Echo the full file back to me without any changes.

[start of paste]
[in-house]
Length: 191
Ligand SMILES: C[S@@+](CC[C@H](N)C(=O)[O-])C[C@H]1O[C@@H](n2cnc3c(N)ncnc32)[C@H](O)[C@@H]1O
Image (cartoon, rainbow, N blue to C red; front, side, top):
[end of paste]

[in-house]
Length: 191
Ligand SMILES: C[S@@+](CC[C@H](N)C(=O)[O-])C[C@H]1O[C@@H](n2cnc3c(N)ncnc32)[C@H](O)[C@@H]1O
Image (cartoon, rainbow, N blue to C red; front, side, top):